I think you likely are going to have to pay more to get a solid solution. Certainly it is clear that what you had never quite worked right. I can say that I NEVER reset my Sonos or my Crestron systems and they work 100% for me. Always work. Every time. Anything short of that is, IMO, unacceptable. I could maybe deal with resetting things once every few months, but that's never been my experience. I press play on my Sonos and it plays back. I know there are some that used to swear by Chromecast Audio devices, but then they also said they had to reset things from time to time. Some do use Amazon Echo products as well. Not something I've integrated directly into my system (though I could add it). So, you have some options, but it depends on what your complete system is and what you need to have happen.
Thanks for the detailed response here!

I have amplifier channels for each zone I want to control, (Phast PLB-Amp8) that is not an issue. When I looked at the Sonos Port it only showed one output which to me indicated a single zone of control? I thought, "no way am I paying $449 per zone with no amplifier."

Dayton still makes these products, here is the most recent model for example: https://www.parts-express.com/Dayton-Audio-WBA51-Bluetooth-and-Network-Audio-Receiver-with-IR-Remote-300-598

Essentially the way my system is set up is having a single Dayton unit per zone in which the Dayton acts as the "source". I can stream multiple options through them as well as access them via apple airplay. (Whole family has an apple device.)

Some of the units seem to work decently, others need a periodic reset every so often, the more problematic ones seems to need a reset like every 48 hours if they have not been used accessed recently.

I plan to troubleshoot them a bit further and found a backdoor way to insure they are linked to my wifi I will attempt also. I am open to other solutions so long as they don't break the bank.
 
BoredSysAdmin

BoredSysAdmin

Audioholic Overlord
I am agreed with BMX. Sonos, while not the cheapest, it's the most polished multi-room audio system I know of. Yamaha and Denon's efforts are much newer and likely not as stable. If you want it "just work," go with the Sonos system.
 
BMXTRIX

BMXTRIX

Audioholic Warlord
Thanks for the detailed response here!

I have amplifier channels for each zone I want to control, (Phast PLB-Amp8) that is not an issue. When I looked at the Sonos Port it only showed one output which to me indicated a single zone of control? I thought, "no way am I paying $449 per zone with no amplifier."

Dayton still makes these products, here is the most recent model for example: https://www.parts-express.com/Dayton-Audio-WBA51-Bluetooth-and-Network-Audio-Receiver-with-IR-Remote-300-598

Essentially the way my system is set up is having a single Dayton unit per zone in which the Dayton acts as the "source". I can stream multiple options through them as well as access them via apple airplay. (Whole family has an apple device.)

Some of the units seem to work decently, others need a periodic reset every so often, the more problematic ones seems to need a reset like every 48 hours if they have not been used accessed recently.

I plan to troubleshoot them a bit further and found a backdoor way to insure they are linked to my wifi I will attempt also. I am open to other solutions so long as they don't break the bank.
Seems to me you don't really need a new system at all, but want a solution to your existing problem. Which will be to continue to live with your existing problem.

This isn't wrong, but it isn't solvable.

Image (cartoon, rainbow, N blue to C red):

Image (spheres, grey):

RELIABILITY COSTS MONEY - it's a no crap scenario. Sonos is pricey. It also works incredibly well and has extremely high reliability. What's the option? Go cheap and have reliability issues and live with them. If there was a $50 solution which worked better than Sonos, it would be really REALLY popular. But, here you are. Dealing with an unreliable system.

Bluesound is a good deal more than Sonos, so there's that.

The bottom line is that quality hardware with reliable software doesn't just cost money up front, it requires constant maintenance and firmware upgrades to stay useful and relavant. You don't do that work, someone else does. It turns out that you have to sell tons of product to make this happen and you have to charge enough to make it all profitable, or you have to use plugins from manufacturers and just hope they work.... they don't. At least not reliably. And I will say, that's just been my experience.

If you are looking for another unreliable system, I have no idea. I can't and wouldn't recommend such a solution. It wouldn't make sense.

There are smart speakers which are way less money, including the Sonos built speaker from Ikea, but that's a replacement, not an integrated solution...

If you think it sucks that the Sonos Port costs so much money and doesn't even have a speaker or amp built in, then I agree. It would potentially change the way people bought their stuff if that product was $100 instead of over $400. Silly. Yes. Which is why I only own one, and why I bought it used on eBay.
 
annunaki

annunaki

Moderator
Thanks again for all the input. I have ceiling speakers, amplifiers that I want to take advantage of otherwise I probably would have gone the Sonos route from the beginning. I will contact Dayton's tech support and see if there are any other solutions. If I was starting fresh or didn't mind everything on one source/same volume, I would go the Sonos port route.

I do understand the reliability/cost factors. Engineering, be it software, speakers, automobiles, always has trade offs/compromises.

Thanks again for the help.
 
BoredSysAdmin

BoredSysAdmin

Audioholic Overlord
Sonos "Port" (one for each zone) should be able to use your existing built-in speakers and amps, but if you want to control the amp as well, you'd have to go with a more expensive Sonos Amp.
 

Latest posts

newsletter

  • RBHsound.com
  • BlueJeansCable.com
  • SVS Sound Subwoofers
  • Experience the Martin Logan Montis
Top